Bill Gates is Only Half Right When He Says Government Should Be Run Like a Business

Last Thursday, Pundit Aubrey Bloomfield ran the story "Bill Gates Says Government Should be Run More Like a Business: Why That's a Bad Idea." He correctly points out that "running it like a business" is a common trope, unlikely to net any results. 

But the reason running the government like a business won't do us any good isn't because of some fundamental difference between private and public organizations. It's because government is already run as a business, specifically one with a captive audience. If we want better government, this is what has to change; we need to break up the monopoly and make the market for governance a more competitive one. 

Government services are not fundamentally different from those provided by the private sector. 

In either case, organizations have been formed to provide a particular good or service. Whether it's widgets, unemployment insurance, or a court system; it's all the same. Anyone of these can and has been provided by both private and public organizations. 

The big difference between private and public is that if patrons or employees of the former become dissatisfied, they can withdraw their support and look elsewhere. Withdrawing support from something like Social Security would mean leaving the U.S. and renouncing all claims to citizenship: not quite as easy as walking away from a dysfunctional startup

Still think things like laws and courts are fundamentally different? They're not. 

When you move into an apartment or a neighborhood with a homeowners' association, part of what you're buying into is a community with a particular set of rules. If you break the rules, there are consequences and you know this going in. The apartment building or association may also provide services like security and maintenance of common areas-things not fundamentally different from what government does on a larger scale.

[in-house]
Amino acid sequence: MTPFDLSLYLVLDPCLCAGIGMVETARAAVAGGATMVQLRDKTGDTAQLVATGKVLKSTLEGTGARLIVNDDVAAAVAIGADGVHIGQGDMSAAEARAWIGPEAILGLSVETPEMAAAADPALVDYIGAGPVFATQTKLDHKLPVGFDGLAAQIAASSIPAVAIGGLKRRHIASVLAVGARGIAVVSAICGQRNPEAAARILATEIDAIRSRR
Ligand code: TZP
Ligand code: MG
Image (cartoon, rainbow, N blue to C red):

Even court functions are often provided for privately. Many businesses prefer private arbitration to government courts for settling disputes. 

The point here is that there is no strict divide between what either the private or public sectors can and do offer.

But in order to get a public sector that is as responsive as the private sector, we have to introduce more individual choice into the system.

By devolving welfare and regulatory functions to the state and local levels, we can better experiment with a number of approaches to governance. This is the Laboratories of Democracy concept in action. 

Putting more authority at more local levels also allows greater scope for differing conceptions of the political good life. It's very likely that residents of Texas and California have differing opinions on social spending and regulation; there's no reason that should be a problem, each should be able to go their own ways-and to a much greater degree than they already do. 

Localizing authority also makes it more accountable. It's far easier for Texans to march on Austin and Californians on Sacramento than it is for either to have any impact in Washington. The more authority is vested locally, the more accessible it is to the people it affects. 

Placing more responsibility in smaller jurisdictions also makes it easier for residents to pick up and leave if another city or state offers a better deal. This is what's called voting with your feet or exit. Where exit is a credible option, authorities are forced to be that much more responsive or risk losing their tax base to better-run jurisdictions. 

Along with devolving welfare and regulatory functions, there needs to be devolution of taxing authority. 

The federal government takes in over $2 trillion every year. Besides supporting one-size-fits-all policy prescriptions, the tax revenues get dumped into the great trough of appropriations. This is the pork the men and women of Congress are perpetually fighting over. 

The problem with this system is it makes it impossible to tell how much bang the citizenry is getting for its appropriated buck. We would have to be able to say from what state every dollar of federal revenues came from and to where it ended up going to even begin to evaluate what we’re getting for our taxes. And that comes before even making an argument that Floridian dollars ought to support a high-speed rail project in California.

Creating a more responsive government isn't about running it more like business. It’s about breaking up the monopoly that already exists. Without a real ability to choose between different providers of governance, politicians and bureaucrats will continue to operate under the often perverse incentives of our current system.

We need to decentralize our politics and create a more competitive market for governance. In short, we need to democratize our democracy. 

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Jeff Fong

Jeff covers the intersection of politics, economics, and technology. He currently lives in the SF Bay Area where he works at a start up focused on urban transportation.

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